Notivol E, Garcia-Gil MR, Alia R, Savolainen O
Genetic variation of growth rhythm traits in the limits of a latitudinal cline in Scots pine
Canadian Journal of Forest Research: 2007 37:540-551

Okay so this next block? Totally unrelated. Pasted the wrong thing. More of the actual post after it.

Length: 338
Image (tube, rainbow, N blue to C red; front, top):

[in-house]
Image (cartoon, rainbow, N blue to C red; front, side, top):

Scots pine (Pinus sylvestris L.) has the widest distribution of pine species and the populations are locally adapted to very different environmental conditions. Adaptive traits such as those related to growth are optimal for understanding adaptation of populations to local conditions in widely distributed forest species. A study of the timing of growth during the first growing period of families in four populations from the latitudinal limits of the distribution range was conducted. Individual growth curves were fitted, and a set of variables related to growth rhythm and timing of budset was obtained for genetic analyses. Pooled heritabilities across populations were very high for most of the traits (0.43–1.09), and population differentiation for growth variables showed high values as well (QST = 0.19–0.71). Phenotypic correlations were higher than genetic ones, and most of them were positives. Even no general patterns of additive variances were found, the high additive genetic variance obtained (14% ± 8%, mean ± SE) suggests that additive genetic variance is not the limiting factor for adaptation to a new optimum within much of the range for these traits. Changes in means, additive genetic variances, and additive genetic coefficient of variation by population are also discussed.

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